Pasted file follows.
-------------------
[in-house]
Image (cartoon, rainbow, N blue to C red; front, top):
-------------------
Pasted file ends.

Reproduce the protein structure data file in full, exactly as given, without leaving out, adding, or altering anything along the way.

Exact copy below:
[in-house]
Image (cartoon, rainbow, N blue to C red; front, top):